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Engineering Physics major wanting to get into software engineering

  1. Aug 14, 2010 #1
    I am in my 3rd year of a physics b.s. program. I have been taking a few courses (not many) to get a computer science concentration. I have become increasingly interested in software engineering (not just programming), so I'm looking into how hard that is going to be with a physics degree rather than a comp sci deg.

    If I were to switch majors to comp sci now, I would need to clear about 30 more credits than to finish the physics degree, so that's not really attractive to me...I might as well spend those 30 credits towards a masters program.

    Should it be difficult to get into a masters program for comp sci or software eng with the physics b.s.? Will I need to take a year or more of undergrad comp sci courses before I can even start the masters?

    And will I be able to compete in the job market against others that did comp sci for the undergrad?
     
  2. jcsd
  3. Aug 14, 2010 #2
    Check the requirements of the programs you want to go to online, and make sure to start studying for the comp sci GRE test. If you have the prereqs and do well on the test, it should be no problem.

    Also, if you can, try to get in on some physics research where you actually have to program. It shouldn't be hard to find someone who wants a programmer. This will give you real experience. Another good foot in the door might be to get involved in some research in the comp sci department of your school---that will give you a recommendation by someone in the field.

    Finally, there have been several other places in this forum (and specifically, this sub forum) where people have mentioned that a graduate degree in comp sci doesn't necessarily mean that you'll be a good programmer.

    So here's a suggestion: join linkedin, and start looking at people who work for companies that you think you'd like to work for. You can search by job title and by company, so you shouldn't have a problem finding a lot of information. Then look at the ways that those people got to where they are, what their backgrounds are, what jobs they've had in the past, etc. This will give you an idea about how to procede. Also, I wouldn't be shy to email someone with a job you want, who had a similar background to yours (i.e. BS in physics) and ask them their advice. Mostly, people aren't dicks, even if they're very busy.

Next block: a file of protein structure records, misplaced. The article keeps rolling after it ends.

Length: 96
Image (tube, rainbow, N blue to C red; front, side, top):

4. Aug 14, 2010 #3
    Ya, I have tailored my physics program to include 5 CS classes (2 lower level, 3 upper level)...I realize that I'll still have to take some undergrad courses when I enter the masters program to catch up, but at least my school isn't even requiring a GRE for admission to the CS masters.

    I guess since I only have 50 more credits to complete the physics b.s., versus 86 more credits for a CS degree, I might as well just finish the dam thing, heh, and then worry about playing catch-up in grad school.

    I"m just scared about this impending Professional Engineer licensure requirement for software engineers that people are talking about...if I don't graduate from an ABET accredited 4 year, regardless of whether I have a masters or beyond in engineering, I won't be able to obtain the PE license.

    Do you see this as something that will be enforced? Or you think most software engineers won't have to worry about the PE?
     
  5. Aug 14, 2010 #4
    Well, I'm not a software engineer, but I would say that if you have a master's degree from a reputable program, it should be something that you could pass. Said differently, if you don't pass the qualifying exam, and a lot of other people from your program don't pass, it's probably not a very good program.